We recently encountered a 67-year-old lady who was sent by her GP to our Acute Medical Assessment Unit with complains of palpitations. These were significantly affecting her day to day activities. She described the palpitations as a 'thumping' sensation in the chest with 'skipping beats' without any associated shortness of breath, pre syncope or collapse. The symptoms were prominent at lying flat very short lived and the number of events increased over time.
Further evaluation revealed that she was a lifelong non smoker, with hypertension and hypothyroidism. She used as medication Acerycal 10/10 and Eltroxin 100 mcg OD. She was clinically and biochemically euthyroid. Her CVS exam was unremarkable. Her ECG showed frequent supra ventricular ectopics with P wave inversion in V1. The Transthoracic Echocardiogram revealed a structurally and functionally normal heart.
Holter monitor showed sinus rhythm with bundle branch pattern with frequent supraventricular and AV junctional ectopics. The burden of ectopics was 11,124 in 24 hrs. She had a Cardiac MRI performed which showed a modest pectus excavatum and no myocardial abnormality. The pectus focally ran in close proximity to RV wall at mid ventricular level.
Her symptoms were likely secondary to local irritant effect of the pectus on RV free wall during periods of RV filling.
She was subsequently commenced on a low dose Bisoprolol as Ectopic suppressant. A repeat Holter monitor showed sinus rhythym throughout with very rare PACs. She had significant symptomatic relief and is currently doing well on Bisoprolol.
Pectus excavatum is a congenital deformation of the chest, presenting as a funnel-shaped impression in the median frontal chest between the fourth and the seventh rib. Asymmetric presentation occurs, and the extent of deformation may vary from slight to serious. Exact numbers about prevalence are difficult to obtain, as the deformation is often not noted or-when noted-is not mentioned in the medical reports. Pectus excavatum is found in Europe in at least one in every 1000 births, mainly in men (70-85%) and often within the same families (35-45%). A correlation is mentioned between pectus excavatum and relatively rare syndromes as Ehlers Danlos, Marfan syndrome, or Poland syndrome [1-5]. Mitral valve prolapse occurs in 15% of patients with pectus excavatum [1,6]. In severe forms of pectus excavatum, the inward deformation of the sternum creates an impression on the right atrium or ventricle. This can cause cardiac compression [1,6,7] (Figure 1 and Figure 2).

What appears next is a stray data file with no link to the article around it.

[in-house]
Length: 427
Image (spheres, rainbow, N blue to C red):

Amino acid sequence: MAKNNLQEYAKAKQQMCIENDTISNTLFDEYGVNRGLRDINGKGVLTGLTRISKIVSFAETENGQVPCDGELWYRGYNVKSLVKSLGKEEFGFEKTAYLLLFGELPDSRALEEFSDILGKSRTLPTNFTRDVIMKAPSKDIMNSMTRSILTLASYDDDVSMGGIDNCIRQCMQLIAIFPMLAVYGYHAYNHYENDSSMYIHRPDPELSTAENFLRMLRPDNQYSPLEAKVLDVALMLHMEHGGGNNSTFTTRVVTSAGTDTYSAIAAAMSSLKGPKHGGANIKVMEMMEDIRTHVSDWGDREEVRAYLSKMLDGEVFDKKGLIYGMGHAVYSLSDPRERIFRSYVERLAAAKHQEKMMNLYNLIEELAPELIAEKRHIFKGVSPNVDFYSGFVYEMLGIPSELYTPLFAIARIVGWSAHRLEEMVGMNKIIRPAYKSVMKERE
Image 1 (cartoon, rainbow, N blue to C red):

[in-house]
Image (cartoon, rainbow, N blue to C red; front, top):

Figure 1: Transversal CT of the chest. View Figure 1
Figure 2: Sagittal CT of the chest. View Figure 2
Cardiac manifestations result from the posterior displacement of the sternum, producing an anterior indentation and deformity of the right ventricle. In severe cases, the heart may become rotationally displaced into the left hemi thorax. This displacement can cause mechanical compression and obstruction to normal outflow which may impede normal stroke volume, especially during exercise. This diminished cardiac stroke volume has been well established, especially in a seated or upright position. Of note, stroke volume tends to normalize while supine.
Valvular abnormalities are common among patients with pectus excavatum, particularly mitral valve prolapse. Mitral valve prolapse is thought to result from deformities of the mitral annulus produced by anterior compression of the heart. It occurs in 20% of patients with pectus excavatum. Resolution occurs in over 50% of individuals following corrective surgery . In one series, systolic murmurs were auscultated in 46% of cases not associated with an underlying connective tissue disorder . The prevalence of murmurs was independent of the degree of deformity in this study.
The change in cardiac position caused by the thoracic deformity in this patients with pectus excavatum produced a more or less constant characteristic electrocardiographic findings, which, although not pathognomonic, can be suggestive of this anomaly. These findings are: a) S1S3 or S1Q3; b) negative P waves in VI; and c) qr or rsr' in VI .
Pectus excavatum is an uncommon cause of Cardiac Arrhythmias and Rhythm Disturbance in a structurally normal heart.